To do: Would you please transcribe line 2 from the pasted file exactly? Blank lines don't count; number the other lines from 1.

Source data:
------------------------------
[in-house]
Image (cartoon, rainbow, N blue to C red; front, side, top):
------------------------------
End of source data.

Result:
Image (cartoon, rainbow, N blue to C red; front, side, top):